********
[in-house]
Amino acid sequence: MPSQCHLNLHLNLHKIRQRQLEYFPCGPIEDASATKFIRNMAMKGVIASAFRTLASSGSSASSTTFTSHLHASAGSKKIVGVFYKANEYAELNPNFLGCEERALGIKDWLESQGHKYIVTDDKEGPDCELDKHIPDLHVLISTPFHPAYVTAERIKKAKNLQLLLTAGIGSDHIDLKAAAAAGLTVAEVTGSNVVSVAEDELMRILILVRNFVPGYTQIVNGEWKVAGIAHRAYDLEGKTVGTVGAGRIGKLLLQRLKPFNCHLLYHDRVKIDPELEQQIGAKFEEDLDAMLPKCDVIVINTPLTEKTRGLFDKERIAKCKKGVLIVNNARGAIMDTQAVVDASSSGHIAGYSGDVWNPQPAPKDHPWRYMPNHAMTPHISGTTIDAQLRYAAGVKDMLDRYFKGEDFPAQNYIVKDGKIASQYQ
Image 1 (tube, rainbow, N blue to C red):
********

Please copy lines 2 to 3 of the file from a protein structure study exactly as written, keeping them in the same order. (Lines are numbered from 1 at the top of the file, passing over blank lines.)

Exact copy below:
Amino acid sequence: MPSQCHLNLHLNLHKIRQRQLEYFPCGPIEDASATKFIRNMAMKGVIASAFRTLASSGSSASSTTFTSHLHASAGSKKIVGVFYKANEYAELNPNFLGCEERALGIKDWLESQGHKYIVTDDKEGPDCELDKHIPDLHVLISTPFHPAYVTAERIKKAKNLQLLLTAGIGSDHIDLKAAAAAGLTVAEVTGSNVVSVAEDELMRILILVRNFVPGYTQIVNGEWKVAGIAHRAYDLEGKTVGTVGAGRIGKLLLQRLKPFNCHLLYHDRVKIDPELEQQIGAKFEEDLDAMLPKCDVIVINTPLTEKTRGLFDKERIAKCKKGVLIVNNARGAIMDTQAVVDASSSGHIAGYSGDVWNPQPAPKDHPWRYMPNHAMTPHISGTTIDAQLRYAAGVKDMLDRYFKGEDFPAQNYIVKDGKIASQYQ
Image 1 (tube, rainbow, N blue to C red):